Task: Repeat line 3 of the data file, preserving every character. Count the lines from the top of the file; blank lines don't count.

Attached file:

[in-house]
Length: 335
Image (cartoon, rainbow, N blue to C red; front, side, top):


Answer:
Image (cartoon, rainbow, N blue to C red; front, side, top):